The 0th Sunflower Digital Camp was held on March 19 at the Academia Sinica, organized by KC Huang on the 7th floor among other people. The venue was the joint library of humanities and social sciences, the same place we currently are.
There are three rooms—R0, R1 and R2. IndieTaiwan was in R1, broadcasting the concert outside. And in R0, at about the 5th row from the rear, there was someone using his sandals to prop up his iPad and streaming what was happening inside.
Several friends in the g0v set up a few webcams and collected all the video feeds on Hackfoldr, and people co-wrote the event on Hackpad.
For some reason, people were really interested in this camp, so Hackpad was … [laughs and claps] … paying for more servers to support us. The translation task force was established then.
At that time the camp was not called the Sunflower. This was likely because on the morning of March 19, people in R1 set up the MediaWiki for R0, and as we know the default logo of MediaWiki is a Sunflower. So the camp has been called the Sunflower Camp since then. [Laughs]
Our major task on March 20 was organizing a logistics and supplies task force. Many people in R0 needed lunchboxes, some vegetarian and some not. So we used a Google Form and a pinned-article on PTT [a local BBS]. People simply filled in the Google Form with what they wanted to eat and lunch boxes were automatically sent. Such miracle!
And on March 20, friends from g0v went in R2. Although R2 is quite close to R0, we still put up a directional antenna and tried to bring the WiMax -> Wifi signals into R0, where the iPad had been.
On March 21, we found that 3G bandwidth and 2.4GHz were full, mainly because the Cisco APs were too strong in the Academia Sinica; therefore … [laughs] we brought 20-some USB ethernet jacks for the R0 camp.
Before the wired network was set up in the whole camp, WiMAX portable hotspots were widely used [since the WiMAX had few users compared to the 3G]. We opened a Hackfoldr named “Network” and updated network topology using Google Docs.
On March 22, there were rumors spread from R2 that someone was hurt in R0, for people were slapped on the shoulder, so crowds from R2 scrambled, trying to enter R0 to see what had happened [laughs]… But it was very hard to enter the International Conference Hall, until a guy with a coat showed up and told R2 that people in R0 were fine.
[the Prime Minister’s explanation of “people brutally expelled by riot police” was "people slightly slapped on shoulder and the riot police softly reminded the crowd to leave"; The guy with a coat is believed to be Lin Fei-fan.]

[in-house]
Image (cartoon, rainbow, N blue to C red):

After this incident, we had a discussion and believed it would be better to set up a field screen to project the images from R0, so that people outside R0 could know what was going on. Henceforth, projectors were outside R0, playing the text and video broadcast from R0.
In addition to the translation task force on Hackpad, we found someone in R0 who can type more than 120 Chinese words/min, to maintain the text broadcast using a new IRC channel. Since then, in addition to the transcribing task force who listened to the broadcast online, there’s a new textual broadcast team in. The text was concurrently shown on the projected screen alongside live video feed.
On March 23, at the MoeDict Hackthon, we repurposed the domain name we registered a while ago, g0v.today, to collect all the direct streams for everyone, including the English translation task force.
On the same day, the justices of the Constitutional Court released the interpretation that walking around the Academia Sinica is now legal. [Laughs] So we applied for a broadband ADSL line at once.
[There is a law in Taiwan requiring any kind of protest to be approved and permitted by the authorities in advance. The mass gathering at “Academia Sinica” did not have permission, but neither was it an organized, pre-meditated event. The court ruled that these kinds of flash mob protests were legal as long as they were spontaneous.]
On March 24, unfortunately, Academia Sinica was out of electricity. It was the darkest day during the camp. Not only were friends in the camp attacked, but also EtherCalc and g0v.hackpad.com. The services were restored in about one hour, though.